In this blog post, Abhiraj Thakur, a student at NALSAR University of Law, Hyderabad, writes about some of the major issues that surround the laws governing civil nuclear liability in India.
Over the course of history, Man has depended on various sources for energy. In ancient times, he used fire woods from forests to warm and protect himself and with the discovery of fossil fuels came a revolution in energy generation. Today, most of our power needs are fulfilled by fossil fuels derived from mines and ocean beds across the world. The problem with them being of non-renewable nature, the world is constantly looking for new energy sources.
Nuclear power is one such alternative to conventional sources of energy. Working on the mechanism of nuclear fusion nuclear reactors apart of being used for development of weapons is being widely used all over the world to generate power.
Nuclear fusion can be simply described as when two atoms are combined or fused together, it subsequently releases energy, this energy can be harnessed and utilised for a wide variety of purposes.
With minimal greenhouse emissions and greater power generation capacity than the fossil fuels, nuclear energy is gaining a foothold in many countries of the world. However, the issue of power generation through nuclear technology has for a long time been marred with controversies, the biggest of them being the deadly nature of the radiations that can emerge in case of accidents or other mishaps. The legal issues that surround this fact are of liability in case of such accidents. Today, many countries along with India have various laws to determine civil nuclear liability. There have been such instances in the past and so the issue holds much importance.
Legal Framework in India
The issue of civil liability in case of nuclear disasters hovered for a long time in policy circles of India but for the first time actively came up in 2006 when India put forward its plan to have civil nuclear agreement with The United States. The agreement was finally achieved in 2008 popularly referred to as the Indo-US Civil Nuclear Agreement. One of the terms of the agreement mandated for civil liability law with regard to nuclear incidents in India. As a result, about 2 years later the infamous The Civil Liability for Nuclear Damage Act of 2010 (hereafter referred to as ‘The Act’) was passed by the Parliament. The Act by far is the most comprehensive legislation that inter alia deals with compensation for the victims of such disasters.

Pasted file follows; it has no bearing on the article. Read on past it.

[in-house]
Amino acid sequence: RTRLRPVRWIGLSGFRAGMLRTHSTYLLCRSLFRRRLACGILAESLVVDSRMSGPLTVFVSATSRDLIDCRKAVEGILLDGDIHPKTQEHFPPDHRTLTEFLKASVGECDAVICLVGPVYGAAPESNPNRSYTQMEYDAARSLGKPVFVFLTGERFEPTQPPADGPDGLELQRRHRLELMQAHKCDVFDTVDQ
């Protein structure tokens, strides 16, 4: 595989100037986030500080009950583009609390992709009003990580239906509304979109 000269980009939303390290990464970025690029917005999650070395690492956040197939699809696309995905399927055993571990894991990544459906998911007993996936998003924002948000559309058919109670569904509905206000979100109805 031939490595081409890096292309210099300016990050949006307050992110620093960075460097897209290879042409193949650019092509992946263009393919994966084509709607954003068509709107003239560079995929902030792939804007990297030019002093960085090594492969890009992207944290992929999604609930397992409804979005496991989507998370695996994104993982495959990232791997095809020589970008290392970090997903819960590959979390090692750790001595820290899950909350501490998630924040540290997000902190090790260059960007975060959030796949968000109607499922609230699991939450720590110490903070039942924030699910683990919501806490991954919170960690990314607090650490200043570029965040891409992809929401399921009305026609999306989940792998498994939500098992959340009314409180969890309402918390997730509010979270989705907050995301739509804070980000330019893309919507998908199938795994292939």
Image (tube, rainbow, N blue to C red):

Nature of Liability under the Act
The Doctrine of Strict Liability stands at the heart of the Act. Taking cognizance of the earlier incidents of man-made disasters such as the Bhopal gas tragedy, the parliament deemed strict liability to be better for the substantive purpose of the Act i.e. enable victims to get compensation. The Act imposes strict liability upon the operator of the plant, only in cases of ‘Act of God’ or force majeure events the government can be obligated to bear the costs.
Since its very inception, the Act has been subject to much controversy over the problems that arise due to the provisions for liability enumerated under the act. Some of the pertinent issues that seek attention are:
Monetary Capping on compensation: The act fixes the liability to a certain monetary limit. In the case of operators, the limit is Rupees 15 billion and for the Government the cap is fixed to 300 million dollars of Special Drawing Rights of the IMF which as per the current rates comes out to be roughly 420 million US Dollars. The biggest problem with such capping is the situations when the damage exceeds the limit. The Act does not expressly provide for any provision with respect to damages over the limit which makes the implementation arbitrary in cases of serious nuclear losses.
Limited Private Players: Another issue that surrounds the liability is the operation of such nuclear plants. In India, these plants are state owned and operated through NPCIL and so ultimately the responsibility for such disasters will be borne by common Tax-payers. The operator also being a state entity in India makes the monetary burden of compensation fall on the common man. Opening the area to private players has its own advantages and disadvantages that need to be explored.
Neglect of the Additional Costs: The incidents in the past such as the Fukushima and Chernobyl have shown that apart from granting compensation there are many additional costs which the party at fault needs to bear. These costs include the cost of cleaning up and safe disposal of the nuclear waste. These activities demand a lot of money along with high level of caution and care. The Act does not provide any provision for these additional costs which can prove problematic.